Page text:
Schenectady County

Niskayuna school district not ready for pricey video system

Niskayuna school officials aren’t ready to jump into an investment in high-end Cisco video “collabor

Niskayuna school officials aren’t ready to jump into an investment in high-end Cisco video “collaboration systems” — but they agree the technology is pretty cool.

The district was approached by Cisco earlier this year and given access to a pair of the video systems to test-run inside the classroom.

A group of salespeople and engineers from Cisco, located in New York City, Clifton Park and Oklahoma, hosted a videoconference presentation for school board members last week.

The system, which is a large high-definition screen with a series of cameras, can be used to teleconference with people outside the class, record lessons, present notes and much more. The salespeople argued the technology can do everything the district’s current technology can and in a single device at a higher level.

While the Cisco representatives did not answer a board member’s direct question about the price, Superintendent Cosimo Tangorra Jr. told the board the system retails at $55,000 a piece.

“We got no straight answers from those people,” said school board member Howard Schlossberg as the board discussed the technology after the presentation.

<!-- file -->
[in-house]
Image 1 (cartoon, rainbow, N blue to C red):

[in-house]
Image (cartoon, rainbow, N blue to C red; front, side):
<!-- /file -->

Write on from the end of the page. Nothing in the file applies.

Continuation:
The board members said the technology was impressive, but they were unsure how it would fit into the district’s education program and whether its use merited a major investment.

Iroquois Middle School English teacher Frank Adamo used the technology in his classroom for the past few months, connecting to other classes as far away as Australia. Students in his class interviewed people from around the world using the technology.

He told the school board that the technology was impressive, especially when connecting to classrooms that had the same equipment, but that it was sometimes challenging to connect to people on non-Cisco networks or other types of videoconferencing systems.

“It’s not Skype, it’s not Google hangout, there is a richness to what it is,” Adamo said at the board meeting. “It works like something that should cost more than my car.”

But the board and district officials need to have a broader technology discussion before making decisions about any specific pieces of technology equipment.

“It’s a conversation about what role technology will play in the future as we develop what the model of a Niskayuna student will be,” Tangorra said Wednesday.

As part of the statewide Smart Schools bond funding, Niskayuna schools will have access to nearly $1.5 million in technology purchases. Some local districts, like Burnt Hills-Ballston Lake, Mohonasen and Schenectady, are investing heavily in new low-price laptops and other devices for students. But Tangorra said he doesn’t see expanding access to devices as the district’s most immediate need.

“We have an investment that needs to be made in infrastructure that would be a better use of those funds,” Tangorra said.

District officials have started to discuss how that money could be used as part of a capital project the district plans to put up for a vote by the end of the year.

Reach Gazette reporter Zachary Matson at 395-3120, [email protected] or @zacharydmatson on Twitter.

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